Bank of Hawaii chairman Lawrence M. Johnson isn't exactly in President Clinton's inner circle, but he is becoming a regular golf buddy.

During the President's recent visit to Honolulu, Mr. Johnson joined him for a round on the links. It was their third golf outing together since President Clinton took office in 1992.

But Mr. Johnson did not press the industry's case for repeal of the Glass-Steagall Act or any other initiative.

"When the President is playing golf, he uses it as an opportunity to relax and clear his head," Mr. Johnson said. "He doesn't want to talk about politics, world events, or most certainly banking legislation."

Mr. Johnson credited his close ties to Hawaii Gov. Benjamin J. Cayetano for the golf invites.

"They've been friends for years, since the President was governor of Arkansas," Mr. Johnson said. "I've been fortunate to be included the last few times they've played."

Also playing the round were former Hawaii Gov. John D. Waihee III and Adm. Joseph W. Prueher of the Pacific U.S. Command.

Crosstown rival First Hawaiian Bank chairman Walter A. Dods Jr. was not invited, which is a bit surprising considering he's president of the American Bankers Association and a major Democratic supporter. His office said Mr. Dods was out of town during the President's visit.

Mr. Johnson said President Clinton's game has steadily improved over the last three years. "When he connects with his great Big Bertha driver, he can put the ball out in excess of 300 yards. He can really tag it."


Ousted National Credit Union Administration Director Robert Swan on Friday lost his legal battle to be reinstated.

The U.S. Court of Appeals for the District of Columbia ruled that the White House had the authority to remove Mr. Swan after his term ended in August. The court also ruled that the appointment of Mr. Swan's replacement, banking lawyer Yolanda T. Wheat, was legal.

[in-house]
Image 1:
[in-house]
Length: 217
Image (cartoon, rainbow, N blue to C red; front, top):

Mr. Swan sued President Clinton in April, claiming that the administration has no authority to remove board members of independent agencies.


Comptroller of the Currency Eugene A. Ludwig went to Capitol Hill last week to soft-pedal his agency's plans to let banks enter new businesses through subsidiaries.

He only made it to the House side, however, as Senate Banking Committee Chairman Alfonse M. D'Amato didn't return his calls. House Banking Committee Chairman Jim Leach not only agreed to meet, but has held his oft- sharp tongue, saying he plans to keep an open mind on the new rule. Sen. D'Amato, on the other hand, blasted the OCC's decision.


Housing and Urban Development Secretary Henry G. Cisneros is calling it quits. Political and industry leaders praised his tenure, which included an increased focus on fair-lending and homeownership.

"Thanks to his leadership ... more low- and moderate-income families than ever before are able to achieve the American dream of homeownership," said Angelo R. Mozilo, chairman and chief executive officer of Countrywide Home Loans Inc.

Mr. Cisneros plans to remain on the job until President Clinton is inaugurated.

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